The spate of tornadoes and tropical storms in the United States over the past six months has left millions of people without power, telephone or internet connections, often for more than a week. Unfortunately, devastating wind and rain storms often knock out communications to local emergency responders in hard-hit areas, limiting their ability to respond with needed aid immediately.
Intelsat General often is called upon to provide satellite bandwidth needed to restore communications, as it did following the destructive tornados that roared through northern Alabama in late April. Among the nearly 1 million businesses and residences losing power and terrestrial communications was GATR Technologies of Huntsville, a company that IGC had worked with in responding to the earthquake in Haiti in 2010. GATR manufactures an inflatable satellite terminal that is used in remote environments for first-in and back-up communications, including Internet access, voice-over IP, email, and video teleconferencing.
Immediately after the tornados struck, Roy Priest, GATR Vice President of Sales & Support, contacted Randy Tabor, Director of Global Network Solutions at IGC, about providing bandwidth for the emergency. Tabor worked with Intelsat’s teleport in Ellenwood, GA, to set aside capacity on the Horizons 2 satellite for GATR and then caught a plane to Huntsville to assist in getting the network operational on GATR’s terminals.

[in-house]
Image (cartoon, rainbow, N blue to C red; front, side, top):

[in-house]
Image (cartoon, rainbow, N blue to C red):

The first task was setting up an antenna at GATR’s own Network Operations Center so that technicians could monitor deployed antennas in the field and provide remote IT networking support to GATR users at each site through online chats.
Meanwhile, with emergency and utility crews working round-the-clock to restore power and communications, GATR’s response team contacted local sheriffs’ offices and emergency management agencies to offer connectivity for critical emergency management operations. These agencies normally relied on T-1 lines and other links to local internet service providers, and many of these had been knocked out by trees downed in the storm and the resulting loss of electrical power to servers.
“None of what we did had been pre-contracted so we did it all on the fly,” Priest said about the GATR and IGC response. “These agencies don’t have Satcom backup for their terrestrial lines.” The GATR antenna looks like an enormous bowling ball when inflated and has a flexible parabolic reflector mounted inside at the ball’s equator. The whole ball is then cabled to the ground and easily pointed using pulleys on ground mounting plates. The ball supports the dish, protects it from wind and keeps it pointed toward the satellite. Portability is a main advantage of the GATR antenna, which when deflated rolls up like a sleeping bag and weighs about 18 lbs.
IGC and GATR donated satellite link time and deployed nine antennas throughout the upper-half of Alabama, serving the Marshall County and Walker County Emergency Management Agencies, the Morgan County Sheriff’s Tornado Strike Command Post, Alabama Power Co. and several other agencies. In addition, GATR also supplied Wi-Fi Internet connections for victims to contact family and friends in the areas where all communication lines were down and cell coverage was limited or inoperable.
“We are always prepared to quickly respond with our technology in the wake of catastrophic events, but we didn’t expect to respond to a disaster in our own community,” said Paul Gierow, President at GATR Technologies. “This is exactly what our products are geared for — first-in deployments, remote applications and contingency scenarios.”